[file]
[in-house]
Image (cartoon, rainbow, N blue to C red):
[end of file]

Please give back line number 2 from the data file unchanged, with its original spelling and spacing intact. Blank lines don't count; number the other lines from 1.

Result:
Image (cartoon, rainbow, N blue to C red):